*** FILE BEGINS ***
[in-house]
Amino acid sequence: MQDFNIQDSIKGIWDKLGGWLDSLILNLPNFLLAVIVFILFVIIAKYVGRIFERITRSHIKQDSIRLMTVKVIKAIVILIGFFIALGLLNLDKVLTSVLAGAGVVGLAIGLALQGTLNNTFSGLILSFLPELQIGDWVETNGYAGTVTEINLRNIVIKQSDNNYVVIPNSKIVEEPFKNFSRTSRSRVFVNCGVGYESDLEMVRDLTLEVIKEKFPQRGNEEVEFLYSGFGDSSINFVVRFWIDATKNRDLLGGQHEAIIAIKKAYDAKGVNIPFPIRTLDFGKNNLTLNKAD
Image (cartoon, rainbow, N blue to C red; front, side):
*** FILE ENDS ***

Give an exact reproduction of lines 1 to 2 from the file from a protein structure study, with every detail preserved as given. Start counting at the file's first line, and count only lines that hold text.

[in-house]
Amino acid sequence: MQDFNIQDSIKGIWDKLGGWLDSLILNLPNFLLAVIVFILFVIIAKYVGRIFERITRSHIKQDSIRLMTVKVIKAIVILIGFFIALGLLNLDKVLTSVLAGAGVVGLAIGLALQGTLNNTFSGLILSFLPELQIGDWVETNGYAGTVTEINLRNIVIKQSDNNYVVIPNSKIVEEPFKNFSRTSRSRVFVNCGVGYESDLEMVRDLTLEVIKEKFPQRGNEEVEFLYSGFGDSSINFVVRFWIDATKNRDLLGGQHEAIIAIKKAYDAKGVNIPFPIRTLDFGKNNLTLNKAD